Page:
We now know the “best and worst places in the world to eat,” courtesy of Oxfam. The best is the Netherlands; the worst is Chad. (Here is an explanation of their analysis, and here is where you can explore their country-specific data if you’re so inclined.)
- enough to eat is based on rates of malnutrition;
- food affordability is based on food cost compared to other costs;
- food quality (whoa, talk about a can of worms) — Oxfam simply looked at diet diversity and availability of safe water;
- food health is based on rates of obesity and diabetes.
How did the Netherlands wind up on top? On average it was in the middle of the European pack on the first 3 measures: good on affordability, poor on enough to eat, in the middle on quality. But it squeeked out the win by being on top in food health.
I enjoy the Netherlands and I have eaten well there, but I’m pretty skeptical of any measure that puts the Dutch food scene in first place globally. But instead of me pretending to have insights into the Dutch food scene, here are some interesting comments from Dominic Glover — Netherlands resident and food/agriculture anthropologist (also my co-author in a brilliant recent article on GM crops and the recent food crisis):
Seeing the Netherlands at the top of the table surprises me. After six years living in Utrecht, my observation is that the Dutch diet is not especially healthy, being quite high in saturated fats (dairy, meat, and deep fried junk), salt, sugar, and carbohydrates (including beer, bread and potatoes).
I suspect that the reason the Dutch score better than most European countries for diabetes and obesity is not diet-related but exercise-related. The Dutch cycle a lot and sports facilities and clubs are everywhere. But those who choose not to cycle or otherwise take exercise seem to expand like balloons.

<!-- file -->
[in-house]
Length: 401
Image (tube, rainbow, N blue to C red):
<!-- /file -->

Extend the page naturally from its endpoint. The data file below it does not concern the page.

I’m also surprised by the good scores for affordability and quality, because Dutch supermarket food and ‘pub grub’ seem to me rather expensive by comparison with my home country (the UK). As for quality, the fruit and vegetables available in Dutch supermarkets tend to be exceedingly bland, having been selected for industrial processing and appearance rather than flavour or texture. The selection available at my local Albert Heijn is certainly no better than, say, Sainsbury, and interestingly there is no Dutch equivalent of upscale UK supermarket chains like Waitrose and M&S, or Wholefoods in the USA.
I wonder what Oxfam is trying to do with this report. By highlighting the Netherlands’ top score, Oxfam implies that the Dutch have got all the answers when it comes to food. But if Oxfam had taken food production systems into account, a different picture might have emerged. They would have had to reckon with the very high levels of energy consumption involved in Dutch horticultural production, for example, as well as the ugly animal welfare implications of the country’s extremely intensive livestock sector (which also depends on vast quantities of soybeans imported from South America).
What’s more interesting about the Oxfam report is the middle- and low-income countries that manage to score rather well on indicators such as child nutrition or food price stability. Instead of trying to emulate the Dutch, we might learn more from studying those countries.